The World Series returned to Washington D.C. on Friday night for the first time since 1933. Unfortunately for the city, the Houston Astros stormed back in the series with a 4-1 win in Game 3.
The Nationals could never find their composure. Despite hosting Game 3 in front of a raucous crowd with a two-game lead in the series, Washington unraveled and missed key opportunities to drive in runs with runners on.
Meanwhile, Houston finally delivered in the crucial moments it failed in throughout the first two games. Bats came alive with some clutch hits with runners in scoring position and that made all the difference on Friday night.
Here are the winners and losers from Houston’s 4-1 win over Washington in Game 3 of the World series.
Winner: Jose Altuve, second base, Houston Astros
Altuve is the heart of the clubhouse and the most beloved athlete in Houston. He helped carry this team to the World Series and he propelled them to a crucial win in Game 3 on Friday night.
The All-Star slugger crushed a ball deep into center field in his first at-bat and would’ve had a run-scoring double if not for a phenomenal defensive play. He channeled his frustration into a leadoff double in the third inning and a one-out double in the fifth inning. Altuve came around to score in both situations and the Astros are back in this series because of him.
Loser: Juan Soto, outfielder, Washington Nationals
Soto came into Game 3 with plenty to celebrate. Washington held a 2-0 lead in the series and he turned 21 on Friday. Unfortunately, this will probably be a birthday Soto will want to forget.
Things started uncharacteristically ugly for him at the plate with a first-pitch groundout on a bad pitch he rarely swings at. It stranded Anthony Rendon at second base and carried over into the field. Soto tried to throw out Carlos Correa at home and sailed the throw over the backstop. He followed that error with a misplay in the corner that allowed Jose Altuve to reach third on his double.
We all have embarrassing memories we’d like to forget from our birthday and Game 3 was that moment for Soto.
Winner: Victor Robles, outfielder, Washington Nationals
Robles saw Kurt Suzuki deliver a clutch performance with his glove and bat in Game 2 and decided to follow suit. First, the 21-year-old displayed his range, instincts and athleticism on a stunning catch to rob Jose Altuve of an RBI double.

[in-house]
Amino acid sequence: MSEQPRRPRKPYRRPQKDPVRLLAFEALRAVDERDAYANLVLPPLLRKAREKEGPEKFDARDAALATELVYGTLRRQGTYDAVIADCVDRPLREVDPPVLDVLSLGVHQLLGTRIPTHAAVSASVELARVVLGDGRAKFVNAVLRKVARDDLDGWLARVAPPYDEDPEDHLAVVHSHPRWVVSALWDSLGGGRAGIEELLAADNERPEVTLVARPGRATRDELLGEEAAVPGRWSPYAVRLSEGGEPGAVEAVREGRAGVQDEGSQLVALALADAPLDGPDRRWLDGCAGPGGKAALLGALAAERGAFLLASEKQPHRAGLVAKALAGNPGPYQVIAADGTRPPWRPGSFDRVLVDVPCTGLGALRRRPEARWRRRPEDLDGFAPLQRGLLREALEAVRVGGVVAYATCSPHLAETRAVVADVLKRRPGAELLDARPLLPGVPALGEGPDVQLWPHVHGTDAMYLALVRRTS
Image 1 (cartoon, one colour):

He then stepped to the plate in the fourth inning and came through with the biggest hit of his career. Robles lined a ball past Alex Bregman’s glove and down the left-field line. It allowed Ryan Zimmerman to score for Washington’s first run and Robles celebrated his clutch triple. Washington is set for years with Soto and Robles.
Loser: Alex Bregman, third baseman, Houston Astros
This will be a postseason that will haunt Bregman for years if Houston doesn’t make a comeback in this series. He made a great argument to be the AL MVP during the regular season, then the playoffs hit and now he seems to be suffering from the yips.
Bregman came up short with his bat in Game 1, made two disastrous errors in Game 2 and went cold at the plate on Friday night. It’s so bad for him now that Washington intentionally walked Michael Brantley to load the bases and face Bregman. He quickly grounded out to end the inning and is now 1-for-14 with runners in scoring position this postseason. It’s time for manager A.J. Hinch to move Bregman down the lineup.
Winner: Will Harris, relief pitcher, Houston Astros
The Astros went into the sixth inning feeling confident. They held a 4-1 lead and just needed pitcher Brad Peacock to retire the bottom of Washington’s batting order and they could roll from there. Instead, Peacock quickly gave Nationals Park new life by walking Victor Robles and Matt Adams to bring the game-tying run to the plate.
Houston brought in Harris to save the day. He dominated Trea Turner and won the duel with a strikeout for the second out. When umpire Sam Holbrook missed an obvious check-swing strikeout, Harris got an inning-ending groundout right after. He then returned to the mound in the seventh and retired the heart of Washington’s order. While he didn’t get credited with a save, Harris’ performance saved Houston.
Loser: Kurt Suzuki, catcher, Washington Nationals
Suzuki’s Game 3 performance represented the polar opposite of how he performed in Game 2. The veteran catcher didn’t do Aníbal Sánchez any favors with poor pitch framing. Beyond his woes behind the plate, including a throwing error that allowed Kyle Tucker to advance to third, Suzuki also struggled with the bat.
He struck out looking with two runners on in the second inning and then struck out swinging with a runner on in the fourth inning. Nothing captured Washington’s issues on Friday night better than Suzuki’s swing in performance from Game 2 to 3.